What caught my attention was how well The Cuckoo's Calling sold before the revelation and after. In the first three months after publication, when readers thought an unknown author named Robert Galbraith wrote The Cuckoo's Calling, the book sold 1,500 copies. That's nothing to sneeze at (I would love to sell 1,500 copies in three months!), but it won't land the book on any best-seller lists. However, I know several indies who sell more.
Once news broke that the author was really J.K. Rowling, the book zoomed up to #1 on Amazon within a day! Talk about a marketing strategy that works!
Aside from asking whether the revelation was a ploy boost sales, the events made me wonder about a few things:
- Why wasn't Rowling's publishing team able to sell more copies of the book before the news? Isn't that what traditional publishing companies are supposed to do for authors in return for taking a big cut of book revenues? If they couldn't do it for J.K. Rowling, what hope is there for a truly new author?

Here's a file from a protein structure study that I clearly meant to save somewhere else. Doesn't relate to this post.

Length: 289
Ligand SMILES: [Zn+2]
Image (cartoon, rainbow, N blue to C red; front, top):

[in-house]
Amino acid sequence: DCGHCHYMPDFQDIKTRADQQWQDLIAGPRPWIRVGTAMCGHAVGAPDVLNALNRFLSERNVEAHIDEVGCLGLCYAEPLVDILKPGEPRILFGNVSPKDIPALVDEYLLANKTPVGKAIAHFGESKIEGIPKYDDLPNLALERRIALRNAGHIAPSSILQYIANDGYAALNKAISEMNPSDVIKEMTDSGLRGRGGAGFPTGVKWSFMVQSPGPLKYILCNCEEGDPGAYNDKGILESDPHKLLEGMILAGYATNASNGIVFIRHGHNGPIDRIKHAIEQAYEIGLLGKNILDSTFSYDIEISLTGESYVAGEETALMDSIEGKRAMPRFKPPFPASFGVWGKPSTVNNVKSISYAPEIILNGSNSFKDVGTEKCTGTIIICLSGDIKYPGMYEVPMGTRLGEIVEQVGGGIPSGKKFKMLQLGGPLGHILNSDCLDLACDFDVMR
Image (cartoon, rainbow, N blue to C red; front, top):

- For the rest of us whose real names aren't J.K. Rowling or Stephen King, what can we do to get more people to buy our books? Supposedly, The Cuckoo's Calling was a well-written book and well reviewed, but as we see here, a good book doesn't translate into good sales.
- If the author's name is so important, at what level of success does the name naturally bring in sales? How big do you have to get so that just having your name attached to a book results in sales?